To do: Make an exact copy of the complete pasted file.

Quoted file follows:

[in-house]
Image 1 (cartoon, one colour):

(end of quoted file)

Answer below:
[in-house]
Image 1 (cartoon, one colour):